A TRIBUTE TO THE PAST, A STEP TOWARD A CLEANER ENVIRONMENT, AND A PARTNERSHIP MADE TO LAST
The Superocean Heritage ’57 Outerknown and the Superocean Heritage ’57 Outerknown Limited Edition watches celebrate Breitling’s partnership with Outerknown, the sustainable apparel brand co-founded by Surfers Squad member Kelly Slater. Following the Superocean Heritage Outerknown in 2018 and the Superocean Outerknown in 2019, this is the third collaboration between the two brands, and there is now a model from each of Breitling’s sea-related collections.
Both brands share a commitment to clean oceans and beaches. Their goal of helping to maintain and protect a healthy, safe environment is reflected in the creation of the Outerknown NATO straps. These straps are made from ECONYL® yarn, a material sourced from repurposed nylon waste. At the same time, the watches’ modern-retro design recalls the era-defining fun-in-the-sun culture associated with Southern California and Hawaii in the 1950s and 1960s. These landmark decades are remembered fondly for great music, hot cars, and an almost spiritual connection to the freedom found on endless sandy beaches and in the search for the perfect wave.
Breitling CEO Georges Kern says, “We’re thrilled to be able to build on our strong partnership with Kelly and everyone at Outerknown. The projects we work on with them go beyond watchmaking. They underscore Breitling’s commitment to sustainability. Of course, we also love the link to the cool surfing lifestyle, and working with the greatest surfer of all time makes that even more special!”
Kelly Slater: “Georges and his team at Breitling have shown that they have the same passion for clean oceans and beaches that we do. And creating watches with the ECONYL® yarn straps we designed with Breitling is a nice message and our symbol towards a cleaner environment while developing products.”
The Breitling Superocean Heritage ’57 Outerknown
The Breitling Superocean Heritage ’57 Outerknown is available in two versions: one in stainless steel and the other – an edition limited to 500 watches – with an 18 k red gold bezel. With their arrow-shaped hands, oversized indices, and concave bezel, the watches clearly draw inspiration from the original 1957 SuperOcean. The caseback features an engraved Outerknown logo. Both versions are powered by the Breitling Caliber 10, which offers a power reserve of approximately 42 hours. Like all Breitling watches, they are COSC-certified chronometers, an independent confirmation of their precision and performance.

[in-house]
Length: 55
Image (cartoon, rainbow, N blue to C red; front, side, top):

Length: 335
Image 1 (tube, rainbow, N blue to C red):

The stainless-steel version features a bronze-colored dial that gives it a unique modern-retro touch. Its dial is complemented by a brown Outerknown ECONYL® yarn NATO strap. The concave bidirectional rotating bezel in stainless steel has an ultrahard scratch- and shock-resistant black ceramic bezel ring with a luminescent central dot at the 12 o’clock position, an ideal feature for a dive watch.
The Superocean Heritage ’57 Outerknown Limited Edition also has a bronze dial and a brown Outerknown ECONYL® yarn NATO strap, but its concave bidirectional rotating bezel is made of 18 k red gold, which is beautifully offset by its black ceramic bezel ring. This model is available in a limited edition of 500 watches.
Breitling, Outerknown, and ECONYL® Yarn
A Story of Sustainability
Breitling’s Outerknown ECONYL® yarn NATO strap collection was launched in 2019. Created in cooperation with Outerknown, the straps are fresh, vibrant, and colorful, and, while they were designed specifically for Breitlings Superocean collection, they can be paired with any Breitling watch. Not only do they contribute to the superb design codes of watches like the Superocean Heritage ’57 Outerknown, they also support Breitling’s unrelenting dedication to sustainability. ECONYL® yarn is created exclusively from recycled nylon waste, some of which is recovered from discarded or lost fishing nets. The straps are not only recycled but are also completely recyclable.
The Breitling Superocean Heritage ’57 Outerknown watches may pay a remarkable tribute to the memorable surfing culture and lifestyle of the 1950s and 1960s, but they are also focused on the very real challenges faced by our planet and on the people who are looking for ways to drive positive change.